For the last few months, I’ve been asked left and right “Have you watched Fantastic Beasts yet?” At which I briefly wince, and then try to come up with a polite excuse for why I haven’t yet.
The truth? Ages ago, I followed the Fantastic Beasts and Where to Find Them casting with growing dismay. Set in 1920s New York, but the vast majority of the cast is white? And Johnny Depp is slated for the sequel? Mm, pass. For now, I’ll settle for A Very Potter Musical marathons and checking out the new webseries Hermione Granger and the Quarter Life Crisis.
I’m holding out hope for movie adaptations of fantasy books with, ya know, some diversity. And there are so many worthy fantasy books out there! Here are 5 diverse fantasies that deserve movie adaptations:
The Hundred Thousand Kingdoms by N.K. Jemisin – Pretty much any book by N.K. Jemisin would make for an incredible movie. This one, true to its title, is a sweeping fantasy about kingdoms. Gods and humans struggle for power in this epic book.
Labyrinth Lost by Zoraida Córdova – If you want a hauntingly beautiful read, this YA book is it. Labyrinth Lost tells the story of Alex, a bruja who feels that her magical gifts are a curse. When things go wrong, Alex must journey forth to bring her missing family back. (Also, Alex is bisexual, so that’s a plus for representation!) The book has all the makings of an incredibly gorgeous, thrilling movie.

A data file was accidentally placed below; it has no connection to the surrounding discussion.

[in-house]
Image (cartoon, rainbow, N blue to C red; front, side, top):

Huntress by Malinda Lo – Huntress is one of my top YA comfort reads. I just love reading about two heroines on an epic quest who fall in love with each other along the way. Kaede and Taisin’s journey to the city of the Fairy Queen would be a romantic and fun fantasy movie.
Sorcerer to the Crown by Zen Cho – Sorcerer to the Crown is, in very simplified terms, Jane Austen meets post-colonial fantasy. The book focuses on one Zacharias Wythe, who becomes England’s first black Sorcerer Royal. This is everything good about a Jane Austen novel, but with added magic and social commentary. It’s a rebuttal to every “but historical accuracy” argument in favor of whitewashing fantasy. I want this book as a movie, or even a four part BBC miniseries.
Rivers of London by Ben Aaronovitch – Get this: Biracial magic cop solves murder mysteries in London with an ageless, also magical, Inspector who barely knows what Harry Potter is. It’s the urban fantasy movie the world needs. Rivers of London was optioned for a TV series several years ago, but not much has happened since then. Still, I hold out hope.
Those are my top 5 diverse fantasy books that, in a perfect world, would get movie adaptations. In our imperfect world, being both a person of color and a fantasy fan can sometimes be an exercise in anguish. Classic fantasy books are rife with racist tropes. Current fantasy books are often lacking in the representation department, or just super problematic.
But there are fantasy books out there with amazing storytelling and representation (see: above). You just have to look for them on the shelves. The question is, when will Hollywood catch up?